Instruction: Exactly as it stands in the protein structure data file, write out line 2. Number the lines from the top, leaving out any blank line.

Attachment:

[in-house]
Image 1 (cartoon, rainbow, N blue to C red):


Image 1 (cartoon, rainbow, N blue to C red):